MolMed executives have this weekend finished wiping the sweat from their brows and raising a celebratory glass of champagne, having successfully launched this year’s first substantial initial public offering in Europe.
But the fact that the final price of €2.15 a share was at the very bottom of the indicative range of €2.15-€2.75, netting the company €50.1m to spend on R&D and giving a market capitalisation of €224.6m ($340m), tells its own story.
As does the fact that Italian gene therapy company MolMed and US-based Bioheart are the only biotechnology groups that have decided to brave the current markets and float this year.
Genghis Lloyd-Harris, partner at lifesciences investment group Abingworth, believes that the paucity of IPOs in the healthcare sector is due to already risk adverse investors eschewing the high risk nature of biotechnology stocks, with their long lead times to profitability, low success rates and need for additional funding.
IPO window closes
Since the credit crunch in August only 18 companies have floated raising $965m. This compares unfavourably with the 34 companies that listed between the third quarter of 2006 and the first quarter of 2007, raising a total of $1.73bn. The total for the 2007/08 would have been even worse if it had not been for bigger companies such as Pronova Biopharma and Ablynx raising over $100m each.
The lack of IPOs is a situation that Dr Lloyd-Harris does not believe will be alleviated in the near future. “I would be surprised if we see any other floats any time soon. I think that the IPO window for biotech companies will remain closed for at least the next couple of quarters if not the next nine to 12 months.”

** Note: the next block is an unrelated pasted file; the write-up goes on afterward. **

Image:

The difficulty of trying to make it to market has already caused some companies to abandon their float plans. In January fellow Italian company Philogen cancelled its IPO citing difficult market conditions.
Others are abandoning the markets all together and instead opting for trade sales or further rounds of private funding. Last year, Organon, Reliant Pharmaceuticals, Adnexus Therapeutics and Arrow Therapeutics all forwent listing plans and struck generous acquisition terms with big pharma.
MolMed’s success in getting to the market and not having to resort to courting a big pharma or biotech company was perhaps helped by a little jingoism.
As an Italian company marketing to mainly Italian investors, MolMed benefited from the fact that its core shareholders included some of Italy’s most powerful families, including the Berlusconis.
The strong investor base and a little patriotism on the part of retail investors that caused this part of the float to be two times oversubscribed, has led some to argue that it would have been impossible for MolMed to float in any other market.
Given that many are still waiting to assess the full impact of the fallout of the US sub-prime market, it is unlikely that MolMed getting out of the IPO blocks can be trumpeted as a sign of recovery in the sector.
So while the executive team of MolMed may be celebrating their success, industry watchers might have a long time to wait before they hear the sound of champagne corks again.